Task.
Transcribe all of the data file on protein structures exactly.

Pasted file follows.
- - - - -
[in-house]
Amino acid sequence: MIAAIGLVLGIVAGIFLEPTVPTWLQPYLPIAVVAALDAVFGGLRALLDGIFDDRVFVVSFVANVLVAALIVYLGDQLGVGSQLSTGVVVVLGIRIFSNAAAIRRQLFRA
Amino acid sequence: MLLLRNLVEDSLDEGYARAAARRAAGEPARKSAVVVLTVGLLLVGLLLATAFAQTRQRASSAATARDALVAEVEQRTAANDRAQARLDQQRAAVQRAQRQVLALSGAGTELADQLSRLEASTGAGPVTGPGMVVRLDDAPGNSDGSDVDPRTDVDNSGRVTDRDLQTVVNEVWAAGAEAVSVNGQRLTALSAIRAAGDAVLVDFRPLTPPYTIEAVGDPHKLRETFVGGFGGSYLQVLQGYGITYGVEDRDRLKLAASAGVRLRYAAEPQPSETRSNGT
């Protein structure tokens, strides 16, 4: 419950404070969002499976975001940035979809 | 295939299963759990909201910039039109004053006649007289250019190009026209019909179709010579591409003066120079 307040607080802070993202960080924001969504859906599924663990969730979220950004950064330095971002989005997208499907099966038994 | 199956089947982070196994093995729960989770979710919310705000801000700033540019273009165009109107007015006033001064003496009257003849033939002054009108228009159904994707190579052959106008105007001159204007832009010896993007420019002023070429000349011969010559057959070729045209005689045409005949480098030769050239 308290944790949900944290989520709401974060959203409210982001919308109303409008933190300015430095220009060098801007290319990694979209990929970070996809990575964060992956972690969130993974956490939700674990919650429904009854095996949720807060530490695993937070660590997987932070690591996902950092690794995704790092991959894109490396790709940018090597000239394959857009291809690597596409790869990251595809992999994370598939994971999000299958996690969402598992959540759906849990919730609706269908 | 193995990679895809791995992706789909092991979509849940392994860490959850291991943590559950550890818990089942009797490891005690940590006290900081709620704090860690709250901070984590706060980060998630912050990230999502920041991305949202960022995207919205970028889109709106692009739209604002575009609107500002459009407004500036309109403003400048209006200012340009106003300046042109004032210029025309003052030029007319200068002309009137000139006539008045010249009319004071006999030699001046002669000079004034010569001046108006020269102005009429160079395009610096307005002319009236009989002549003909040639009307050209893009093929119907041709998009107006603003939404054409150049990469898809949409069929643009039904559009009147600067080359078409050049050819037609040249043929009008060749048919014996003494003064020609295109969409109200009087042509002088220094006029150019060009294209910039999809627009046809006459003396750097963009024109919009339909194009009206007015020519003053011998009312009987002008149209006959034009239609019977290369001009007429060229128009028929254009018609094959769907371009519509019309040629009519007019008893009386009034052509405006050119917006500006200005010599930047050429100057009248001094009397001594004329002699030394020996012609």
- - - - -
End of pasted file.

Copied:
[in-house]
Amino acid sequence: MIAAIGLVLGIVAGIFLEPTVPTWLQPYLPIAVVAALDAVFGGLRALLDGIFDDRVFVVSFVANVLVAALIVYLGDQLGVGSQLSTGVVVVLGIRIFSNAAAIRRQLFRA
Amino acid sequence: MLLLRNLVEDSLDEGYARAAARRAAGEPARKSAVVVLTVGLLLVGLLLATAFAQTRQRASSAATARDALVAEVEQRTAANDRAQARLDQQRAAVQRAQRQVLALSGAGTELADQLSRLEASTGAGPVTGPGMVVRLDDAPGNSDGSDVDPRTDVDNSGRVTDRDLQTVVNEVWAAGAEAVSVNGQRLTALSAIRAAGDAVLVDFRPLTPPYTIEAVGDPHKLRETFVGGFGGSYLQVLQGYGITYGVEDRDRLKLAASAGVRLRYAAEPQPSETRSNGT
């Protein structure tokens, strides 16, 4: 419950404070969002499976975001940035979809 | 295939299963759990909201910039039109004053006649007289250019190009026209019909179709010579591409003066120079 307040607080802070993202960080924001969504859906599924663990969730979220950004950064330095971002989005997208499907099966038994 | 199956089947982070196994093995729960989770979710919310705000801000700033540019273009165009109107007015006033001064003496009257003849033939002054009108228009159904994707190579052959106008105007001159204007832009010896993007420019002023070429000349011969010559057959070729045209005689045409005949480098030769050239 308290944790949900944290989520709401974060959203409210982001919308109303409008933190300015430095220009060098801007290319990694979209990929970070996809990575964060992956972690969130993974956490939700674990919650429904009854095996949720807060530490695993937070660590997987932070690591996902950092690794995704790092991959894109490396790709940018090597000239394959857009291809690597596409790869990251595809992999994370598939994971999000299958996690969402598992959540759906849990919730609706269908 | 193995990679895809791995992706789909092991979509849940392994860490959850291991943590559950550890818990089942009797490891005690940590006290900081709620704090860690709250901070984590706060980060998630912050990230999502920041991305949202960022995207919205970028889109709106692009739209604002575009609107500002459009407004500036309109403003400048209006200012340009106003300046042109004032210029025309003052030029007319200068002309009137000139006539008045010249009319004071006999030699001046002669000079004034010569001046108006020269102005009429160079395009610096307005002319009236009989002549003909040639009307050209893009093929119907041709998009107006603003939404054409150049990469898809949409069929643009039904559009009147600067080359078409050049050819037609040249043929009008060749048919014996003494003064020609295109969409109200009087042509002088220094006029150019060009294209910039999809627009046809006459003396750097963009024109919009339909194009009206007015020519003053011998009312009987002008149209006959034009239609019977290369001009007429060229128009028929254009018609094959769907371009519509019309040629009519007019008893009386009034052509405006050119917006500006200005010599930047050429100057009248001094009397001594004329002699030394020996012609």